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Llety'r Filiast translates into English as "The Lair of the Greyhound Bitch". It is a ruined Neolithic burial chamber situated on the Great Orme. Most of the stone from the cairn has been taken over the years, but it is thought that when it was originally built it would have measured thirty metres long and ten metres wide, and been vaguely egg shaped. Read More »
The remains of the Lligwy Cromlech probably date from around 5000 BC (late Neolithic period). Access to the main central chamber would have been through a small narrow passage. The massive capstone (supported by eight smaller pillar stones), measures eighteen feet by fifteen feet, and is estimated to weigh twenty-five tons. Read More »
This small lake, found just to the north of RAF Valley may have been an important site for ritualistic sacrifices made by the Iron Age inhabitants of Anglesey. While RAF Valley was being constructed during WWII the workmen uncovered in the peat at the former lake edge, the largest hoard (approximately 150 pieces) of Iron Age objects found in Wales. Read More »
The Lochmaben Stane (or Lochmabenstane, Lochmabenstone, Clochmabenstane, Old Graitney Stone, Lowmabanstane, Loughmabanestane) stands in a farmers field near where the Kirtle Water enters the Solway Firth. Made if granite, it measures 7-8 feet in height and has a girth between 18 and 21 feet (depending upon your source). Read More »
A weight of awe, not easy to be bourne,
Fell suddenly upon my spirit - cast
From the dread bosom of the unknown past
When first I saw that family forlorn.. Read More »
The remains of this 13th century (earliest known mention 1277) stone cross can be found on Standishgate and is thought to have been a medieval waymarker between Chorley and Wigan. It was moved from its original position on the other side of the road in 1922 when the road was widened. The cross’s name is derived from its legendary association with Lady Mabel Bradshaw. T Read More »
The Isle of Arran, off the West Coast of Scotland, has many stone circles and standing stones dating from the Neolithic period and the early Bronze Age. The finest collection of circles can be found on Machrie Moor, on the West of the island. The whole moorland is littered with the remains of early man, from hut circles to chambered cairns and solitary standing stones. Read More »
One of the most widely known wells in Cornwall, Madron Holy Well is still used, and has been the scene of some miraculous cures in the past. About 100 metres away are the remains of the Madron Well Chapel.
Rags and other objects are left to rot away in the hope of cures, and as votive offerings.
Directions: Northwest of Madron from a footpath Read More »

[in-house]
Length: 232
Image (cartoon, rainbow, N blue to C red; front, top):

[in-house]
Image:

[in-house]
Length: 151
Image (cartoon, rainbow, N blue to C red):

This is the largest Iron Age Hillfort in Britain, consisting of a spectacular series of bank and ditch defences enclosing an area of 45 acres. These fortifications cover the much earlier site of a Middle Neolithic Causeway Camp from around 3000BC. The camp was enclosed by two lines of ditches, the remains of which are indistinguishable. Read More »
Mam Tor is an Iron Age hill fort standing at over 520 metres above sea level. The fort has defences which cover an area of 1100 metres, consisting of a single rubble bank which is re-enforced in places with dry stone walling. The bank has a ditch on the outside and would probably have been protected by a wooded palisade when occupied. Read More »
In 'Rude Stone Monuments In All Countries, Their Age And Uses' (1872) (which was later retitled 'Old Stone Monuments'), James Fergusson(1808-1886) gives the following description of Mayborough Henge. Read More »
There is a general acceptance that the Green Man is a representation of a pagan deity, but this is not borne out by the abundance of Green Man carvings to be found on or within Christian churches. Could this contradiction be the clue that will lead to our understanding of this archaic figure? Why do we find the Green Many associated with churches? Read More »
The Meini Hirion or ‘long stones’ are a pair of standing stones situated in Llanbedr. They are in a livestock field on the left hand side of the village as you travel north towards Pen-sarn. The field regularly floods when there is a high tide, and the stones are partially obscured by a large tree which grows close by them. Read More »
Men-an-Tol, consist of a holed stone (with the largest hole of any British holed stone) between two upright stones, with other fallen stones nearby. The holed stone is considered to be the remains of an entrance to a chambered tomb. The whole structure having been covered with a mound of earth. As with many of these cromlechs it is difficult to image a mound covering them at any time. Read More »
An Iron Age hill fort once stood upon Meon Hill and it has been suggested that man has lived there from the Stone Age, but it a legend concerning the formation of the hill that has attracted my attention. Read More »
With an entrance facing towards the north-east, this oval shaped hillfort is probably from the Iron Age. It lies at a height of 950 feet, on a promontory of a hill overlooking the Nannau estate and the Mawddach valley. The fort was small, being about 0.5 acres and the single wall enclosing the fort would have been about six feet high, but it is now quite trampled. Read More »
In a commanding position situated on the hills above Harlech are the remains of the suspected late Bronze Age hillfort known as Moel Goedog. It is adjacent to the prehistoric track way of Fonlief Hir, which is indicated by a series of standing stones along the route. Read More »
Moel Goedog 6 is a wedged shaped standing stone that has a notch in its upper surface. It stands 0.8 metres high and is part of the Fonlief Hir ancient Track way.